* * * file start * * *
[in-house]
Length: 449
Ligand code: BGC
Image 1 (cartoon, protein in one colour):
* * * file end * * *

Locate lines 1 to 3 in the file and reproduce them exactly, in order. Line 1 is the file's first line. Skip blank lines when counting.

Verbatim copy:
[in-house]
Length: 449
Ligand code: BGC